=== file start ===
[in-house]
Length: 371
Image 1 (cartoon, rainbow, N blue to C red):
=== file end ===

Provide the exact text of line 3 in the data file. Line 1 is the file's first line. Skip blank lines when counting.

Image 1 (cartoon, rainbow, N blue to C red):